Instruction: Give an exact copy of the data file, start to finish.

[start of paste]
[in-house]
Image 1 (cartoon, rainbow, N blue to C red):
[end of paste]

[in-house]
Image 1 (cartoon, rainbow, N blue to C red):